We decided to do the stupid and replace the heater blower fan a 85 240 wagon.

Discussion in 'Volvo 240' started by Marc, May 21, 2006.

  1. Marc

    Marc Guest

    Since we've almost got it all the way apart I want to replace the heater
    core. Can this be done without taking the A/C condenser out? If not is
    there a good site that shows me how or how can it be done?

    Marc, May 21, 2006
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  2. Marc

    User Guest

    Take the car to a shop that can discharge/recover the freon in the

    Disconnect the two hoses going to the evaporator from the firewall.
    Remove the four or so metal clips around the white plastic cover on the
    right hand side of the heater box. Give a tug and slide the evaporator
    out of the box and put it aside. Leave the condensor in the car next to
    the radiator, it doesn't need to go anywhere ;)

    User, May 23, 2006
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  3. Marc

    James Sweet Guest

    Also plug off the hoses with something, I suggest replacing the
    receiver/dryer any time you open the system, it's cheap insurance.
    James Sweet, May 23, 2006
  4. Marc

    Marc Guest

    Thanks guys! The more I work on this car the less impressed I am with it
    from a service stand point. Since its a old freon system what do I need to
    upgrade it to a 134 system - seals and a compressor dryer of course.

    Marc, May 23, 2006
  5. Marc

    User Guest

    At this point R12 and R134a are about the same price so leaving it as
    R12 would probably be the better choice. It will also function as
    designed, and no worries about underated hose and compressors seals and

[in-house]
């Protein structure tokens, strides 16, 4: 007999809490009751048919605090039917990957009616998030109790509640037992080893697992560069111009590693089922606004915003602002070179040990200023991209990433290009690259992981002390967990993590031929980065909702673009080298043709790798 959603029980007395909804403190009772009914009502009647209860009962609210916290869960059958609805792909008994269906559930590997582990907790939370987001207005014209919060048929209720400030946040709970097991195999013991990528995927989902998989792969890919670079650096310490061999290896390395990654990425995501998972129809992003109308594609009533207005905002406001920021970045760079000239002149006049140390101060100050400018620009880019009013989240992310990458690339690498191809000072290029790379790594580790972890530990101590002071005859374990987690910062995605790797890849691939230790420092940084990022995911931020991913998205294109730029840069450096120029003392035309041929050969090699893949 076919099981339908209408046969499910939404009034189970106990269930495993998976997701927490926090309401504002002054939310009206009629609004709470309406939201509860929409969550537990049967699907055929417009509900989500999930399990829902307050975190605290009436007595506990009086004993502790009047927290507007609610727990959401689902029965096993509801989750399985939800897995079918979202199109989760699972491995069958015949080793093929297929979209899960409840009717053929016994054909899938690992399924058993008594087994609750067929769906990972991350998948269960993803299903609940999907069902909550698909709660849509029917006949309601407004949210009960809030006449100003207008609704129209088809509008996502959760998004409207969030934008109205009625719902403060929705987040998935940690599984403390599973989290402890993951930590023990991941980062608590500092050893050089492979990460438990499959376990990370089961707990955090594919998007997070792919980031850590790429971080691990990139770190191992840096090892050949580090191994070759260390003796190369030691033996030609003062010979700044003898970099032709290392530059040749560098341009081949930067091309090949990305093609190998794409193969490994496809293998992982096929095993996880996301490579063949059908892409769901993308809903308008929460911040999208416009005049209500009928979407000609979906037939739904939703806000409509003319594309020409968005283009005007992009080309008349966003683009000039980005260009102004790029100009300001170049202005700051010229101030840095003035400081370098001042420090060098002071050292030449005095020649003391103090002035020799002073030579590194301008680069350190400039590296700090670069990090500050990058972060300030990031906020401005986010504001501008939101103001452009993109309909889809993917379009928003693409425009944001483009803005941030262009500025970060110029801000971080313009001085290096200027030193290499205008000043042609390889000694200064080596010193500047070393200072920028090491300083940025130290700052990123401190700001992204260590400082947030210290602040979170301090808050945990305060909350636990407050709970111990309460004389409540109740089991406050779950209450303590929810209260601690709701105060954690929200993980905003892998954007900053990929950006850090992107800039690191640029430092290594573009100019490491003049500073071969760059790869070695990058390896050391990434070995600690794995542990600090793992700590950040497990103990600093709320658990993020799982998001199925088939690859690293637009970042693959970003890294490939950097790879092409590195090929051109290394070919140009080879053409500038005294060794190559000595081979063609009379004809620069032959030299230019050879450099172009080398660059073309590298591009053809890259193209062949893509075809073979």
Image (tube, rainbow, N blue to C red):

such. The lines that are separated should be resealed with the new
    oversize green or yellow o-rings.

    User, May 24, 2006
  6. Marc

    James Sweet Guest

    The HVAC system is the Achilles heal of the 240, aside from that they're
    fantastic cars for the DIY mechanic. Don't give up yet on it.
    James Sweet, May 24, 2006
  7. Marc

    James Sweet Guest

    Huh? Last time I checked R12 was about 10 times the cost of R134a and
    you have to be licensed to buy it (I am) but I always just convert the
    systems I work on.
    James Sweet, May 24, 2006
  8. Marc

    athol Guest

    That'd be "downgrade", not "upgrade". The A/C will perform worse with
    R134a... For a system that was a bit borderline to start with, that is
    not good!
    athol, May 24, 2006
  9. Marc

    User Guest

    Just one example: http://store.lenzdist.com/

    R134a 30# cylinder $125 down from over $300 last summer
    R12 30# cylinder $189 down from over $200 last summer or $500 the year
    before or nearly $1000 a few years ago.

    Bottom line a serviceable R12 system can be returned to operating
    condition for quite a bit less than the labor involved to convert to
    134a. The JiffyLube and radiator places around here are charging about
    $2 an ounce for 134a and won't do any r12 systems. So if a shop still
    has r12 equipment available to do a recharge it will be cheaper.

    User, May 24, 2006
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